If a State Can't Get Out of the Marriage Business, Can It at Least Get Out of the Licensing Business?
Legislation in Alabama aims to do just that.
Alabama, home of infamous religious conservative Chief Justice Roy Moore, is not accepting the Supreme Court's decision to require states to recognize same-sex marriages all that peacefully. Marriage law in Alabama declares that county probate judges "may" issue marriage licenses, not "shall" or "must." As a result, probate judges in several counties have stopped issuing licenses altogether rather than be forced to license gay couples. Bigoted nonsense, but that's how the state set up its marriage system.
Now the state is casting about for solutions, and Republican state Sen. Greg Albritton is pushing forward a proposal to simply make it so that probate judges aren't responsible for handing out marriage licenses at all, nor is anybody in government in Alabama. Rather, he wants to make it so that marriage contracts are handled privately, then turned over to the county as records. The state would not be validating the marriages of the participants. The ceremony itself would be a private matter and the judge "would have no authority or responsibility to make determinations of eligibility of the parties to the contract for marriage, other than age determination."
The full Senate bill can be read here. I looked over it carefully for signs of some sort of trickery for Alabama to decline to recognize same-sex marriages. I didn't see it. It doesn't demand any particular type of private ceremony requiring a minister or religious solemnization. It declares the opposite:
A civil and independent or religious ceremony of marriage, celebration of marriage, solemnization of marriage, or any other officiation, and administration of the vows of marriage may be conducted or engaged in by the parties to the civil contract by an officiant or other presiding party to be selected by the parties to the contract. The state shall have no requirement for any such ceremonial proceeding which, if performed or not performed, will have no legal effect upon the validity of the civil contract.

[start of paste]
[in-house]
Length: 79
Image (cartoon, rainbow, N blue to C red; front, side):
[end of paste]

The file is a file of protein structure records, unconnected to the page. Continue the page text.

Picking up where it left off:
What SB4 appears to do is set up the very basic terms to declare yourselves married in Alabama and then tell you to turn in a form to the state. Any confusion about the validity of one of these private marriages is pushed over to the courts, and the bill notes that this change in process doesn't affect any other "legal aspects of marriage in the state, including, but not limited to, divorce, spousal support, child custody, child support, or common law marriage."
So what say we? I know there's some libertarian disagreement on the viability of getting the government entirely out of marriage. In the absence of a clear path for doing so, is it worth pursuing a system where citizens tell their government that they're married (if they want to), rather than the other way around?